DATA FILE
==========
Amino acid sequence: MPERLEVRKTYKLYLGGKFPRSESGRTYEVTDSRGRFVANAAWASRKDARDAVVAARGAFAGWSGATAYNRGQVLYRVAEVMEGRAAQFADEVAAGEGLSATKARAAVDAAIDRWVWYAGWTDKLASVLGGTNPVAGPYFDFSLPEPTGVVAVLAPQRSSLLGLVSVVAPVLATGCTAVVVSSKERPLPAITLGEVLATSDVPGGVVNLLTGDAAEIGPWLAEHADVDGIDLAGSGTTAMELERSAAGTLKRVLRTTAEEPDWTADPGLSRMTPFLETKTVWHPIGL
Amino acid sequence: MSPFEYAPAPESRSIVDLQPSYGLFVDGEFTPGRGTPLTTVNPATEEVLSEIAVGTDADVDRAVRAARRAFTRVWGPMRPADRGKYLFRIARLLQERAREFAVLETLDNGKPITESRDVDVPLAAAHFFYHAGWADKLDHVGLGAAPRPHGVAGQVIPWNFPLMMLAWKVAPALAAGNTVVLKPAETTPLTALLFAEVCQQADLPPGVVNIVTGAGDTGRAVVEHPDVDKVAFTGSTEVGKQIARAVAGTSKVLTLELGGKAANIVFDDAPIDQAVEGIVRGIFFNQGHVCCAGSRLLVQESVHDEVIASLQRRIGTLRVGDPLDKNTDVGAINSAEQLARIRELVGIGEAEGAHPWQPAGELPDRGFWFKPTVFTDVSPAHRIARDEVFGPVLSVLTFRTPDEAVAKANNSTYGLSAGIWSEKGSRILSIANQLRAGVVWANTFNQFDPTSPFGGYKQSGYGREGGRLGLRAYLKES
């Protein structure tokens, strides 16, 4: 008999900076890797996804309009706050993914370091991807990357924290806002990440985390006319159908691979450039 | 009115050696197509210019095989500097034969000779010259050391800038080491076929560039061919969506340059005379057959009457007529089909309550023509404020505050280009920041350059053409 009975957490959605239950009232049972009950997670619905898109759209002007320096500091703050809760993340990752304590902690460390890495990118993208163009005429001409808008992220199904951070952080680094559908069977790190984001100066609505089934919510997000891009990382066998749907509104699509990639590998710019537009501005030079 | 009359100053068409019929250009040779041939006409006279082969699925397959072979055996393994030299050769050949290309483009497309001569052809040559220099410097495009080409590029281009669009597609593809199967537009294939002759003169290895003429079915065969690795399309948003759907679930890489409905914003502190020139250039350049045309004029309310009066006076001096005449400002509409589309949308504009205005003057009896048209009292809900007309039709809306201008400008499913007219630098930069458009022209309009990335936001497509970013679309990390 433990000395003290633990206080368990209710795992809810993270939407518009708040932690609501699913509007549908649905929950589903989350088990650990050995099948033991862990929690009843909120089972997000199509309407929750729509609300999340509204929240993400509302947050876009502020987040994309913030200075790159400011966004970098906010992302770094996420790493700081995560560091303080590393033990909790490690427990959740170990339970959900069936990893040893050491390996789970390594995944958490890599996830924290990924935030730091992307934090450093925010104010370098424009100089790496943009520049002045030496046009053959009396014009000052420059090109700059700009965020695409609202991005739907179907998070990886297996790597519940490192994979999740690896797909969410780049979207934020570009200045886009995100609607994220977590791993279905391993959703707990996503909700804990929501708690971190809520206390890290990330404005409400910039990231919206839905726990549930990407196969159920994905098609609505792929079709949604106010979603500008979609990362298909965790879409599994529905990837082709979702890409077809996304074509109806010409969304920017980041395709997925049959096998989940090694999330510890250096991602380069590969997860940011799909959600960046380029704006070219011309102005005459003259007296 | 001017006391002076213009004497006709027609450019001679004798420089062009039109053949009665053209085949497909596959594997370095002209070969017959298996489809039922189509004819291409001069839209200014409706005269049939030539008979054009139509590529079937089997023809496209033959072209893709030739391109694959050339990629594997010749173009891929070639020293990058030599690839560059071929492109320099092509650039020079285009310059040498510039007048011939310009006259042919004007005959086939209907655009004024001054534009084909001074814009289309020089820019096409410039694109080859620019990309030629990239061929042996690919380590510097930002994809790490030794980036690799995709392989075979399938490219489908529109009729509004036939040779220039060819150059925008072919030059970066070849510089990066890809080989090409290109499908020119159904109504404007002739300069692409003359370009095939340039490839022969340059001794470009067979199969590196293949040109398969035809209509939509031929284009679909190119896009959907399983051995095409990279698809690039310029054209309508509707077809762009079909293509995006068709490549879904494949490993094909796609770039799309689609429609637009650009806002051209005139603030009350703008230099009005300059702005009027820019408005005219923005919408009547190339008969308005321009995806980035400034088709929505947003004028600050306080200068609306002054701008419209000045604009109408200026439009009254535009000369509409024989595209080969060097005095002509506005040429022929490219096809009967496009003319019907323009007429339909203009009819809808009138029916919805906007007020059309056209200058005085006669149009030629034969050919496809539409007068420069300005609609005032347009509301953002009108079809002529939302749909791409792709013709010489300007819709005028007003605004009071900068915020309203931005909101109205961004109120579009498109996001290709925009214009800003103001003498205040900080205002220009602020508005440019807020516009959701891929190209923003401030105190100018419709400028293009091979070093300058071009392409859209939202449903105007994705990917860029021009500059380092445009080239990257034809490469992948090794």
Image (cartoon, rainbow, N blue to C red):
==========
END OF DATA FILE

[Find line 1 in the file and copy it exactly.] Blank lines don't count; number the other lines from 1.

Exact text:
Amino acid sequence: MPERLEVRKTYKLYLGGKFPRSESGRTYEVTDSRGRFVANAAWASRKDARDAVVAARGAFAGWSGATAYNRGQVLYRVAEVMEGRAAQFADEVAAGEGLSATKARAAVDAAIDRWVWYAGWTDKLASVLGGTNPVAGPYFDFSLPEPTGVVAVLAPQRSSLLGLVSVVAPVLATGCTAVVVSSKERPLPAITLGEVLATSDVPGGVVNLLTGDAAEIGPWLAEHADVDGIDLAGSGTTAMELERSAAGTLKRVLRTTAEEPDWTADPGLSRMTPFLETKTVWHPIGL